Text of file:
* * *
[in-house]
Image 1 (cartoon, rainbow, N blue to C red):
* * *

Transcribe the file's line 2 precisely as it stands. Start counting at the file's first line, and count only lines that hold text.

Image 1 (cartoon, rainbow, N blue to C red):